National Education Policy 2020.
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National Education Policy 2020: The new National Education Policy (NEP) has generated mixed reactions from academics and experts, many of whom have described the reforms as “long due” and “groundbreaking”, while others have warned that “the devil is in the details” and hope that Steps are taken on site.

Classes up to fifth grade in mother tongue or national language, the reduction in the use of board exams, the establishment of foreign universities in India, a single supervisory authority for higher education institutions with the exception of law and medical universities and joint admission tests for universities are part of the on Wednesday presented comprehensive reforms of the new National Education Policy (NEP).

The director of IIT Delhi, Ramgopal Rao, described the new policy as a “Morrill moment” for higher education institutions in India (HEIs). The Morrill Land Grant Act is a U.S. law that allowed for the creation of Land Grant Colleges in the United States using the proceeds of state sales.

“The creation of a National Research Fund with the involvement of all ministries will make our research effective and visible to society. This is the Morrill moment for universities in India, ”he said.

Mahadeo Jaiswal, the director of IIM Sambalpur, said that the change in educational structure from a 10 + 2 system to a 5 + 3 + 3 + 4 system complies with international educational standards.

“Due to the small structure of our IIMs and IITs, despite their great talent, they couldn’t be among the 100 best institutes in the world. When technical institutes become multidisciplinary, IIMs and IITs can set up other departments, such as medicine, etc., enlarge their size and accommodate more students. “Former Vice Chancellor of Delhi University, Dinesh Singh, who was angered by the center’s anger at the launch of a four-year undergraduate program (FYUP), which was later reversed, said the policy would leave room for a healthy and synergistic mix of skills and Create knowledge.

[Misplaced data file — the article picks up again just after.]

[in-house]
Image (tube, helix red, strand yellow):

“Some of the reforms outlined in politics were long due. It enables a productive mix of different disciplines, so that learning in one discipline can provide ideas and connections with another discipline for a real result or application. Politics also create a space for energetic pedagogy that can be very practical and project-oriented, with a focus on group activities and social applications, ”said Singh.

Rekha Sethi, director general of the All India Management Association (AIMA), explains: “The NEP will remove unnecessary complexity in the provision and regulation of higher education in the country and create a level playing field for all students, regardless of which college they go to. – private or government. The steps to promote digital learning are particularly important for a post-COVID world. Regional language e-courses are a great idea. “Manoj K Arora, VC of BML Munjal University, said:” It is an advanced and future-oriented policy that will change the landscape of higher education in the country. ” “Universities have to be research-intensive, entrepreneurial and multidisciplinary. The multiple entries and exits as well as the credit bank offer the students a great deal of flexibility when it comes to training and obtaining degrees while at work. We are moving towards the concept of doing our own degree, ”he said.

Jamia Millia Islamia Vice Chancellor Najma Akhtar described the NEP as “trailblazing” and said that higher education in India will now be holistic and multidisciplinary, with a common focus on science, art and the humanities.

“A single regulator for all higher education institutions is a great idea because it brings together the approach and the purpose. It will realize the vision of education in India, ”she added.

However, some experts warned that the “devil is in the details” and called for a targeted approach to implementing the policy in local measures.

“Politics have advocated major educational reforms, but as always, the devil is in the details, and we’ll see how NEP 2020 can be implemented in local policies that reflect the spirit of the reforms designed to empower students in the countryside to discover and unleash their unique potential, ”said Rupamanjari Ghosh, Vice Chancellor of Shiv Nadar University.

Vishnu Karthik, director of Heritage Schools, said: “Politicians recognize the need to accept output-based reform rather than input-based reform. While the devil is in the details, the new NEP has raised some important levers that will have a huge impact on student learning levels. The decision to reduce the curriculum to the core offers a significant opportunity to focus on critical skills and capacities, and would be an entry-level reform of the curriculum and assessments. “

The Convenor of the Indian National Teachers’ Congress, Pankaj Garg, said that allowing foreign universities to work in India according to their own standards allows foreign direct investment in education.

“We believe that the government is escaping responsibility for funding educational institutions. This will also result in student fees becoming exorbitant. Rajesh Jha, member of the Executive Board of the University of Delhi, said the policy aimed to shift the education system from grants to loans and to promote private actors and foreign universities.

“This will involve a different spread of grants, and the reduction in grants will shift the financial burden on students and thus increase education costs,” he said.

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